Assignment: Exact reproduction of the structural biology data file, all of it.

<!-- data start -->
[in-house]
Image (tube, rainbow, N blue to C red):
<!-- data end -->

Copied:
[in-house]
Image (tube, rainbow, N blue to C red):